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KC Rae Thought She Was Going to Die. She Made the Music of a Lifetime Instead.

In her first interview in five years, the Now, Now singer talks about surviving the industry and creating her solo debut, 'Think I'm Gonna Die.'

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KC Rae

KC Rae thought she was done with music. But the songs kept coming. 

During breaks from touring with her alt-rock/pop duo Now, Now, Rae (the adopted moniker of Cacie Dalager) came home to the quiet and felt what touring allowed her to momentarily repress: She was physically, mentally, and spiritually drained.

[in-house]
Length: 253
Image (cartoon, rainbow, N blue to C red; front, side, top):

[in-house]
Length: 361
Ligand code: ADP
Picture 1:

“I thought, ‘Wow, I am using tour to run from my life," she says. "And then when I'm home, everything hits.’ That’s when I started writing.”

This past Friday, Rae released her first solo project, Think I’m Gonna Die. The nine-track LP has been largely finished for more than two years, and the songs, mostly conceptualized around 2018, serve as a capsule from a time of upheaval when Rae says she really did think she was gonna die. 

“I was like, my body's just gonna stop,” Rae says. “I was so physically ill, so mentally ill.”

This was a painful period, partly due to traumatic experiences Rae endured from managers and other music industry players—experiences she shared on social media

“Being female [in this industry], there was so much trauma that I had never dealt with and didn't fully understand,” she says. “I was gaslighting myself the whole time, and no one around me was seeing it.”